For Saturday’s AFL preliminary final between Geelong and the Brisbane Lions at the Gabba, and to earn a berth to take on the Port Adelaide v Richmond winner in the grand final at the same venue seven nights later, the Cats will certainly have momentum on their side after their 68-point demolition job on Collingwood in the semi-final.
In that match, coach Chris Scott’s Cats were able to do whatever they wanted, anytime they wanted to, and did it as often as possible.
But even as seemingly perfect as the semi-final win was achieved, Chris Fagan’s Lions – 15-point winners over Richmond on October 2 – will be rested and ready for the challenge.
While it has been proven over the years that teams winning their games in the first week of the finals possess an inherent advantage towards getting to the grand final, the question must still be asked: do the Cats have their finals mojo back?
In the Lions’ qualifying win over the Tigers, their on-ball attack led by Lachie Neale and Mitch Robinson, with Daniel Rich in support off the halfback flank, enjoyed an even display among their peers to set up Dayne Zorko and Charlie Cameron within their forward structure.
Jarryd Lyons led the team of his namesake with 24 possessions, with Rich and Neale amassing 20 and 19 possessions, respectively, as Cameron was the Lions’ lone multiple goalkicker with three majors.
What Brisbane accomplished against Richmond has been viewed as a simple and typical observation about their game and Fagan’s tactics throughout the season: spread the ball around, get the results.
Such a share-the-wealth mentality allowed the Lions to finish second during the crazy, interrupted regular season, finishing only behind Port Adelaide.
And if Brisbane have taken a socialist’s approach to attacking footy, Geelong has consistently looked to be the capitalists to cashing in – with the Cats capitalising on going strong in contested footy battles, winning clearances out of the centre, then taking the game on to play quick and direct to the likes of Tom Hawkins, Patrick Dangerfield, Gary Rohan and others to kick the goals.
In the Cats’ 27-point win over the Lions in Round 6, that approach was laid out for all to see, as Geelong slammed home seven goals to none in a rampant third quarter. Eventual Coleman Medal winner Hawkins kicked three goals for the match and Sam Simpson, Dangerfield, Sam Menegola and Cam Guthrie all serving as the key ball-winners to pace the Cats’ attack.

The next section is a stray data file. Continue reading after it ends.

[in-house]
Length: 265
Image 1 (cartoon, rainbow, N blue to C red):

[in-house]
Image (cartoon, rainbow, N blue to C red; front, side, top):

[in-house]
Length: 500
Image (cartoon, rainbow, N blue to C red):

Geelong can likely take the same approach against Brisbane – as long as Hawkins can maintain values of strength, positioning and reliability in one-on-one contests against Harris Andrews, he will get his goals, with others such as Gary Ablett, Rohan, or Dangerfield popping up to take their chances as well to keep Darcy Gardiner, Ryan Lester and the rest of the Lions’ defenders honest.
Speaking of Dangerfield, the question of where he plays may serve as a mystery – kept under wraps by Scott – until the opening bounce, or even midway through any term of the match. The Cats would love to have his sure hands and hard running in the centre clearance battles, but his skill set up forward of also being able to take contested marks and kick goals may also be a critical factor if Scott is to settle this affair early.
But down at the other end, this may be where the match is won and lost.
Lions talisman Cameron may be as much of a potential match-winner that Hawkins, Dangerfield, Ablett or captain Joel Selwood can be for the Cats, provided that he gets the right service from those in the middle going forward. And its their effectiveness that Geelong will be looking to control.
Whereas Selwood, Menegola, Guthrie, and Mitch Duncan show no fear in taking on contests anywhere around the ground, the focus to stop Cameron and others in the Lions’ forward structure will fall to a Cats back-six unit that has been instrumental to holding opponents to 52.2 points per game.
As Brisbane ranks as the most efficient team in the AFL at converting inside-50’s into goals – with Geelong ranked second, incidentally – a defence led by Tom Stewart and Mark Bliclavs will have to turn things up a notch to keep Cameron and his other forwards in check, with Harry Taylor, Jed Bews, and the underrated Lachie Henderson and Jack Henry also capable of performing one-on-one shutdown duties.
If successful, the Cats will look to Bews – whose foot skills have improved markedly this season – along with Tuohy and Duncan to get the counter-attacks going.
One major intangible factor comes down to Geelong’s massive edge in preliminary finals experience. As the Lions play in their match at this stage since 2004 – which was against, you guessed it, the Cats – a quick comparison at the two squads, if they each come in unchanged, shows that only four Brisbane players have played in past preliminary finals while only Simpson lacks such experience for the Cats.